TeenHealthFX can appreciate your concern about your father. His excessive drinking can understandably leave you in a place where you are concerned about his emotional and physical well-being. In addition, there are times when it puts you in the position of being the responsible one and the caretaker (such as in the moments where you are taking care of him while he is intoxicated), which can feel painful and frustrating.
As to how to address your concerns, you have a couple of options depending on your relationships with your parents and on what you feel most comfortable with:
· You could speak to your father about your concerns at a time when he is sober. Let him know how you feel about his drinking, what your specific concerns are about it, and how you see it affecting the entire family. And you could tell him how meaningful it would be to you for him to seek out help with this, such as by seeing a therapist or contacting alcoholics anonymous.
· You could speak to your mother about your concerns and let her know that you need her help to intervene with your father about this because of your concerns about how his drinking is affecting him and the rest of the family.
· You and your mother (and any other appropriate family members) could have an intervention with your father. An intervention brings friends, family, co-workers, and other people of support together with a skilled, professional facilitator to bring support and aid to the addicted person in an honest and compassionate way. Interventions can be very effective in terms of getting the person into treatment, as well as providing support for loved ones – they also provide a safe environment to voice how the substance abuse that has been going on has been affecting people.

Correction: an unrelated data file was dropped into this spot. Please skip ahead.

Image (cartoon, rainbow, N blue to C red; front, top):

· If you are unsure of how to talk about this with your mother or father, you could seek out the help of school counselor who could aid you in how to best handle the situation, and who could also intervene on your behalf with your parents.
· You and/or your mother could start attending Al-Anon meetings to get some guidance and support about how to deal with your father’s drinking. You can visit the Al-Anon/Alateen website or call 1-888-4AL-ANON (1-888-425-2666) for more information.
· You, your mother, and your father (or some combination of the three) could meet with a private therapist for guidance and support in terms of dealing with this situation. If you live in northern New Jersey and need help finding a therapist you can call the Access Center from Atlantic Behavioral Health at 888-247-1400. Outside of this area you can log onto the US Department of Health and Human Services Substance Abuse and Mental Health Services Administration website for referrals in your area. You can also contact your insurance company to get a list of in-network mental health providers or check with your school social worker or psychologist to get a list of referrals in your area.
You have some different options as how to proceed. The key here is for you not to keep your feelings and concerned bottled up inside – but to seek out the help of trusted adults who can provide you with the guidance and support that you need. Your father needs treatment to address his drinking problem, but you and your mother need help as well in dealing with this situation as substance abuse can affect the entire family – not just the person who is using.